Ron Cannan had three adversaries to answer Thursday, at the Kelowna Chamber of Commerce monthly luncheon which was dedicated to the federal election.
In one of the first all-candidates meetings of the rather late-season electoral race, political hopefuls Tisha Kalmanovich (NDP), Kris Stewart (Liberals) and Alice Hooper (Greens) each tried to peg off the two-time incumbent.
Elected in 2006, Cannan largely argued for the status quo, emphasizing the plans of all three other parties would raise taxes and playing to his strength—his community service.
“I really pride myself on the fact I want to be open and accountable to you,” said Cannan, who served on city council for nine years before switching to federal politics.
Swinging into the debate with a tight left-hook, Kalmanovich proved the toughest adversary, telling the crowd of downtown lawyers and accountants she sees the Conservatives and their leaders as the IBM to Jack Layton’s Microsoft—the latter proving the better long-term investment.
“I am very unclear and somewhat disheartened at what Mr. Harper’s vision might be,” she said.
She told Cannan this week’s announcement the long-serving Kelowna Women’s Resource Centre would close its doors does not bode well for him if he plans to stick to claims he has supported women’s resources.
Stewart stuck strictly to her party’s message-track, hammering home the Liberal’s plan to reduce the deficit to one per cent of the Gross Domestic Product within two years with investment in digital technology, clean resources, health and biosciences.
Stewart also announced she would be pro-active by holding a nonpartisan health care forum over the weekend (Saturday, April 23 in the Rotary Centre for the Arts) to illicit public sentiment on the private-public debate.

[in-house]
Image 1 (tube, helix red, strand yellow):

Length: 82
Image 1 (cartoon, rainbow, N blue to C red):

Admitting she is not only the Green Party’s political candidate, but green for her lack of experience, realtor Alice Hooper said voting is about taking personal responsibility and urged her audience to go to the Green Party’s web site and read through the platform.
Many of the questions centred on fiscal policies, with one asking about a national housing strategy that might return to giving financial incentives for developers willing to build rental housing. Predictably, only the incumbent stepped back from the suggestion.
But when it came to the Alberta oil sands project, the gloves came off.
Stewart said she believes it’s time to end the $2 billion subsidy for big oil, while Hooper took it to a personal level saying even the people working in the oil sands are starting to wonder what they’re doing there.
Kalmanovich noted her father had been an engineer in the oil sands, and although she got married in Fort McMurray, she still realizes Canada is missing the boat on climate change.
Cannan retorted by explaining only 20 per cent of the extraction done uses steam-assisted gravity drainage, the highly controversial practice which uses vast amounts of fresh water resources to extract oil.